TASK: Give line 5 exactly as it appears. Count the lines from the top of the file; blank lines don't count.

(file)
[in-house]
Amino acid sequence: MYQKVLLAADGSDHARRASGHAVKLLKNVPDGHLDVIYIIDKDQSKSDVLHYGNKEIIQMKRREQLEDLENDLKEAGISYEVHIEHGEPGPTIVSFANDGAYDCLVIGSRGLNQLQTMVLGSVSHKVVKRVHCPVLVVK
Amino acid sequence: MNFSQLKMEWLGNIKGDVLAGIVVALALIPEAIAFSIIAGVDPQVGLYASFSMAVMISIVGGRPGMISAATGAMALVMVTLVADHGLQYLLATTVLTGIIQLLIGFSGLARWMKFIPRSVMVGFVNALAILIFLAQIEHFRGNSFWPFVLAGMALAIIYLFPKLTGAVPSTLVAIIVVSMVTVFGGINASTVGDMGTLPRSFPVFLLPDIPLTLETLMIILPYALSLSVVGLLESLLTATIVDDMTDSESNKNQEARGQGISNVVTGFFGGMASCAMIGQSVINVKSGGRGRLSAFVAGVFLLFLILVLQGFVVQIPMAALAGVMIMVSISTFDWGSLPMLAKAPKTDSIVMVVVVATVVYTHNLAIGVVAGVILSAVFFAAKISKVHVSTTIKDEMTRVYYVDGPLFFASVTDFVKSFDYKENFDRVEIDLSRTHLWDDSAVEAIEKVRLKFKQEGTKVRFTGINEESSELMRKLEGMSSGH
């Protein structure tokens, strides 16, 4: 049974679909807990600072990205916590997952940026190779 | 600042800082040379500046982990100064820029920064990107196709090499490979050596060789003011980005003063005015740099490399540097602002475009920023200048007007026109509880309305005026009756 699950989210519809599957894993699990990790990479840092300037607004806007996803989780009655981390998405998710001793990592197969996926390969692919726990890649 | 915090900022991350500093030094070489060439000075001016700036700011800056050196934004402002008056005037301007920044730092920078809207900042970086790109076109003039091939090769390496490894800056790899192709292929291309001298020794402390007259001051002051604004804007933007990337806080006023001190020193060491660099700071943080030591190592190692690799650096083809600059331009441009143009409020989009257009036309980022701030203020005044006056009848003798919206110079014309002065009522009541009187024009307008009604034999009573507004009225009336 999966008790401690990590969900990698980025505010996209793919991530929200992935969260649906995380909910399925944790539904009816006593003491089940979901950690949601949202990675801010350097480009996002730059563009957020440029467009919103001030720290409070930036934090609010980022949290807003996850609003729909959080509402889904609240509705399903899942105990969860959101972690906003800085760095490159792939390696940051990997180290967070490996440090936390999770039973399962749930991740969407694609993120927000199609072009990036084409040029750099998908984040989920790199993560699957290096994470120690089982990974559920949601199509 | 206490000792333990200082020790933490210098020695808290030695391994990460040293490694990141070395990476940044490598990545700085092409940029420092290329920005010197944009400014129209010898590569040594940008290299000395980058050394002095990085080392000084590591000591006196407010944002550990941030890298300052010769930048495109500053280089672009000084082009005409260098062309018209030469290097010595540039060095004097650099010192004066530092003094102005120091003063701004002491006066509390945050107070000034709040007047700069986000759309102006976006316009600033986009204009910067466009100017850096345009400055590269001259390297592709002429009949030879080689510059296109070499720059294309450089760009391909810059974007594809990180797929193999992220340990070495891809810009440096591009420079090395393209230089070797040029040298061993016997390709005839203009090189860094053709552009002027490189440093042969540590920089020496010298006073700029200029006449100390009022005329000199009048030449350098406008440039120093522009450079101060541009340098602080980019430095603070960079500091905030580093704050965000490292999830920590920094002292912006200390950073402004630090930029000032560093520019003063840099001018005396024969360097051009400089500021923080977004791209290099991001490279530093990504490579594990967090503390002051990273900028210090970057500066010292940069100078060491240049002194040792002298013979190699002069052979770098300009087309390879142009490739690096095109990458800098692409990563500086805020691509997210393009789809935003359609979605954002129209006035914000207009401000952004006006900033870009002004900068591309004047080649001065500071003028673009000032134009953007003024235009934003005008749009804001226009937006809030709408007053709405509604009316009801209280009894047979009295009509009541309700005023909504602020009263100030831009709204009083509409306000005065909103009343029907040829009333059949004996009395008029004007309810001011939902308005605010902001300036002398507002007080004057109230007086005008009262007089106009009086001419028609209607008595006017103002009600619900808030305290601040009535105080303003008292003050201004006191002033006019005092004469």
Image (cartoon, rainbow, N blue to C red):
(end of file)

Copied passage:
Image (cartoon, rainbow, N blue to C red):